This week’s parasha is entitled, Tzav, which means “Command,” and it covers Leviticus 6:1 – 8:36. The book of Leviticus was written to show Israel how to live as a holy nation, in fellowship with God, and to prepare the nation for the high service of mediating the redemption of God to all other nations.
Did you know that the word “holy” is recorded in this book more times than in any other book of Scripture?
In chapter 6, we learn that stealing involves more than just taking from someone. Finding something and not searching for the owner or refusing to return something that was borrowed are other forms of stealing; these are sins against the holiness of God and not just one’s neighbor. If you acquire something deceitfully, confess your sins to God and apologize to the owner and return the stolen item with interest.
In chapter 6, we are also told of the law of the burnt offering; this section looks only at the responsibility of the priests and their proper care of the ashes and fire on the altar.
Throughout the night, the embers of the evening burnt offering were to remain on the altar and the altar fire was to be kept burning.
In the morning, wearing clothes appropriate to each task, the priest was to remove the ashes from the altar and then dispose of them in a ceremonially clean place outside the camp.
The priests were responsible to keep the fire always burning on the altar.
The grain offering, also outlined in chapter 6, could be presented at the altar in one of five forms: fine flour, oven-baked cakes, cakes baked in a pan, cakes baked in a frying pan (on a griddle), or crushed roasted heads of new grain.
Since grain represents the fruit of our labor, the meal offering was one way for the Israelis to dedicate to Adonai that which He had enabled them to produce.
But the meal offering was not presented alone; it accompanied one of the sacrifices that involved the shedding of blood. Our hard work can never purchase salvation or earn the blessing of God; for apart from the shedding of blood, there is no forgiveness of sin.
In this offering we can see Messiah Yeshua depicted as the Bread of Life, the perfect One who nourishes our inner person as we worship Him and ponder His Word.
The offering had to be accompanied with oil, either poured on it or mingled with it; this symbolizes the Holy Spirit of God, which was given to Yeshua without measure.
The offering also had to include salt, which speaks of our Lord’s purity of character. Yeshua compared Himself to a grain of wheat, and He was crushed like (“fine flour”) and put through the furnace of suffering that He might save us from our sins.
Leaven (yeast) and honey were prohibited from being included in the meal offering. The Israelis would associate leaven with sin because of the Passover rules, and certainly there was no sin in Messiah Yeshua. Honey is the sweetest thing nature produces, but this was often offered on pagan altars and thus prohibited.
The drink offering, like the meal offering, was presented after the animal sacrifices had been put on the altar and was a required part of the sacrifice.
The pouring out of the wine at the base of the altar was a future symbol of life being poured out in dedication to God.
On the alter of the cross, Yeshua was like broken bread, and poured out wine. Yeshua there poured out His life’s blood unto death.
In chapter 7, the law of the guilt offering is practically identical with that of the sin offering. It is impossible to ponder these things without our minds turning to Yeshua, the great and infinite Sacrifice in which all the suggestions of the Mosaic economy were finally fulfilled.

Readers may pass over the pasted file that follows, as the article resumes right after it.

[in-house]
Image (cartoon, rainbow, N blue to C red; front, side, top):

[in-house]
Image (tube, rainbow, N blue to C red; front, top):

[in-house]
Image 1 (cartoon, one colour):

The peace offering was pre-eminently that of a communion, or connection, with God.
In the law of this offering three kinds are recognized: an offering of thanksgiving, an offering in connection with vows, and one which is purely a free-will offering to God.
In the final section concerning the laws of the various offerings some final instructions are emphasized. First, the fat and the blood were not to be eaten. Further, an offering could not be provided by proxy.
Each man for himself must bring in “his own hands” the Lord’s portion. While God comes to men directly and individually, He expects to receive from us, in like manner. Thus, this communion is more than general and sentimental. It is personal and immediate.
In chapter 8, Adonai said to Moses, “Take Aaron and his sons with him and the clothes, the anointing oil, a bull for the sin offering, the two rams, and the basket of unleavened bread. Then gather the people together at the entrance of the Meeting Tent.”
Moses did what the Lord commanded him and anoints Aaron. He also clothes Aaron’s sons. An offer of a bullock was made for them as a sin-offering as well as a ram for a burnt-offering.
After further offerings, Moses places some of the blood of the sacrifices upon Aaron and his sons as part of their consecration;
Moses then commands Aaron and his sons to abide seven days at the door of the tabernacle of the congregation and they obeyed.
A few thoughts in closing. There are many aspects of the offerings in parasha tzav that point us to Messiah Yeshua’s own sacrifice.
For example, the absence of leaven points to His sinless nature, as does the demand that the sacrificial animals be completely flawless.
The peace offerings, with the meal that was shared by the priest and the worshiper together, anticipated a future time when a redeemed mankind will break bread in righteousness, as “a kingdom of royal priests.”
And as every grain offering was to be accompanied by salt, Yeshua declared that His followers are to be salt and the light to the world and just as the fire of the alter was to never go out. So messiah is to always shine through us, by this our heavenly Father and king is glorified.